By Ann Suellentrop

For the second year, Advocates of Silenced Turkey celebrated International Women’s Day with a rally—this year held March 12 at the Penn Valley Friends Meeting House in KC MO. People shared information about the terrible brutality in Turkey, with the imprisonment of women and children. Dozens of people attended the rally, all committed to speaking up for women’s safety and hope in Turkey and throughout the world.

Uma tells of a woman with cancer imprisoned in Turkey without adequate medical care.

The pictures and videos I took help tell the story of our meeting, of our yearning for freedom for all women. For example, Uma shared the heartbreaking story of Ayse, a woman with cancer imprisoned in Turkey and not receiving adequate medical care. “Speaking up for voices of the voiceless will matter!” Uma told us.

Janice Witt, who ran recently for mayor of Kansas City, KS, reflected on the rapes and murders of women in NE Kansas City, Kan., and the police corruption related to the abuse. Janice urged us, “The evil in the world tries to make us invisible, because if we become invisible, we become silent. … Do not be sorry. They need to be sorry for their behavior. It is in strength and unity that we stand here together. My sister has pain and I cannot reach her.” These two videos give Janice’s message.

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Yasmin Bruno Valdez, of Advocates for Immigrant Rights and Reconciliation (AIRR), talked about coming to the US when she was 3 and, throughout her childhood, witnessing her father’s abuse of her mother. Being undocumented, Yasmin’s mother did not feel free to report the abuse, and Yasmin said that situation occurs in many families today. Also, Yasmin addressed the importance of Wyandotte County’s new Safe & Welcoming Ordinance, now opposed by the state legislature. Yasmin said her social justice work may be her life’s work. “The liberation of my community, my peers, is important to me,” said Yasmin. See her in these two videos—the first with her personal story, the second concerning the Safe & Welcoming Ordinance.

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Nur holds her beautiful baby boy.

Among participants at the event were Nur and her baby boy. Indeed, all of our group yearn for safety for women. We stand against the imprisonment of women and babies in Turkey and seek freedom for all, everywhere.

Emcee Kelly Isola said, “When you ask, ‘What part of the sunflower follows the sun?’ the answer is YES. It takes the whole system of the sunflower to follow the sun. We are like that, too.” Enjoy this video of her.

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Margot Patterson, a KC-area leader of CODEPINK, speaks of that organization and thanks PeaceWorks for doing an amazing job—see these two videos.

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Taylor Qualls, a young adult pastor and therapist, played his guitar and sang. “Love is building up bridges between all,” and “Love is turning over tables, tearing down walls,” he sang in these two videos.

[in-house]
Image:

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Here is what I myself shared at the rally: “I’m from PeaceWorks, which has been around KC for 40 years. We work to abolish all nuclear weapons, and we do peace witnesses at the nuclear-weapon parts plant here in Kansas City, Mo. We are acutely aware of the dangers of nuclear war and nuclear accidents like those at Chernobyl and Fukushima: dangers that threaten all of us. But we are active in many social justice causes because they are all intertwined: racism, poverty, militarism and destruction of Mother Earth.

“After the upheaval, exhaustion and grief of the pandemic, we are now faced with an extremely dangerous situation in Ukraine. As we grieve the horrendous loss of life and witness the millions who have had to flee for safety, let us pause for a moment of silence and send our loving thoughts and prayers for anywhere there is suffering and war.”

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After our moment of silence, I added, “This is a time for us to come together in solidarity, to comfort and encourage one another. As women leaders in our communities, we are well aware of the suffering and evil that is out there. Let us gain strength by listening to one another with respect and lend our support to each other. When we can understand and appreciate other cultures, we gain more friends and we automatically work against prejudice, fear, and ignorance, and we promote human rights and peace. I’m taking classes in Deaf Culture and Advanced Spanish at JCCC this semester for that reason.

“Today, we celebrate the courage and the heart of women and women leaders, to encourage each other and hold each other close in solidarity. When women join together, we are powerful, and we can speak out for human rights and peace.”

Ann Suellentrop, a PeaceWorks Kansas City Board member, was assisted by ghost writer Jane Stoever in writing this story. © 2022, Ann Suellentrop, Jane Stoever, Margot Patterson, Kelly Isola, Taylor Qualls, Creative Commons Attribution Share-Alike 4.0 International License.